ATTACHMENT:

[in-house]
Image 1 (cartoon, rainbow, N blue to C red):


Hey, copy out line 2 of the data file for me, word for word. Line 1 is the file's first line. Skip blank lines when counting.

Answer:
Image 1 (cartoon, rainbow, N blue to C red):